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Can I Recover Compensation in a California Car Accident if I was Partially at Fault?

Understanding Comparative Fault in California: Can I Still Recover if I Was Partially at Fault?

There are many possible causes of a motor vehicle accident. This includes not only the drivers, but also passengers, pedestrians or bicyclists, or even municipalities that designed, built, or maintained the roadway. But generally, when it comes to a California auto accident, the most culpable individuals are often indeed the drivers. Usually the most culpable driver is the one who was texting while driving, ran a stop sign, was intoxicated, or otherwise violated a traffic law. However, sometimes the other driver—even if severely injured and considered the “victim”—could even have some fault. Even if there was a small amount of partial fault in the auto accident, you can bet that an insurance adjuster will try to maximize the amount of fault on the victim to minimize the overall compensation that a victim and his or her family would be entitled to. Insurance adjusters may even tell a victim that his or her partial fault prevents any compensation.

Here at the Broadway Law Firm, we think that is not only unfair but also borderline unethical. California law absolutely allows a motorist who may have been partially at fault for a car accident to recover compensation for their personal injuries. But our experienced Los Angeles car accident lawyers know that insurance companies train their adjusters to minimize, undervalue, or even deny an otherwise valid claim. Without a strong and zealous advocate like our lawyers, victims of motor vehicle accidents may not recover the full compensation that they deserve. Learn how our law firm can help you during a FREE consultation by dialing (213) 464-0955.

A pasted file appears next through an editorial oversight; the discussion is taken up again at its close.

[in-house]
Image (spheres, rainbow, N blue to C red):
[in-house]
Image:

Partial Fault Under the Law: Comparative Fault Versus Contributory Negligence

In any type of personal injury case, the fault of all parties must be assessed. This includes examining the possibility for partial fault of the victim of the subject accident. There are two ways to do this. Historically, all states used the “contributory negligence” approach. But now most states, including California, follow the “comparative fault” approach.

Contributory Negligence Approach 

This approach examined whether the victim had any partial fault for the subject incident causing personal injuries. If there was any partial fault, even 1%, it would bar recovery. This was quite a draconian result. There are still five states today that use contributory negligence or a form of it.

Comparative Fault Approach

But the vast majority of states, including California, began to shift to a less punishing standard known as “comparative fault.” This standard allowed a court to take into consideration the proportional fault of all parties. Damages, or in personal injury cases the monetary compensation awarded, would then be awarded based on the proportional fault (a percentage) of the parties.